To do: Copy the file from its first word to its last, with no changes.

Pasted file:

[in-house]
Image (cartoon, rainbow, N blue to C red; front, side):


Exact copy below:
[in-house]
Image (cartoon, rainbow, N blue to C red; front, side):